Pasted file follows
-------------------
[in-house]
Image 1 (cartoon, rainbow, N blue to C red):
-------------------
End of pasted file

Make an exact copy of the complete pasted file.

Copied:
[in-house]
Image 1 (cartoon, rainbow, N blue to C red):